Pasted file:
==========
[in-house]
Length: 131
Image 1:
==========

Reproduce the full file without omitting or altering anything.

[in-house]
Length: 131
Image 1: